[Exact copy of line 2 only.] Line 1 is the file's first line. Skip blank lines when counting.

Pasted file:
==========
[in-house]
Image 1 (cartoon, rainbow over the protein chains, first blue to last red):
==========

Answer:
Image 1 (cartoon, rainbow over the protein chains, first blue to last red):